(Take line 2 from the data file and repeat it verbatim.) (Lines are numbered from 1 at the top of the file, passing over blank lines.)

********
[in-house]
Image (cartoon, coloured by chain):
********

Image (cartoon, coloured by chain):